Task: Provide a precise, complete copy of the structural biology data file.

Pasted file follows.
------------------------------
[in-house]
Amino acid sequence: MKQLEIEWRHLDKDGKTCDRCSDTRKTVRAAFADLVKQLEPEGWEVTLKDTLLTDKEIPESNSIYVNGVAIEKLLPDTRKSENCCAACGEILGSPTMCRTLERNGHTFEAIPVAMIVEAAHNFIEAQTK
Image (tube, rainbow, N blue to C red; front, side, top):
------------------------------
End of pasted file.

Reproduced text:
[in-house]
Amino acid sequence: MKQLEIEWRHLDKDGKTCDRCSDTRKTVRAAFADLVKQLEPEGWEVTLKDTLLTDKEIPESNSIYVNGVAIEKLLPDTRKSENCCAACGEILGSPTMCRTLERNGHTFEAIPVAMIVEAAHNFIEAQTK
Image (tube, rainbow, N blue to C red; front, side, top):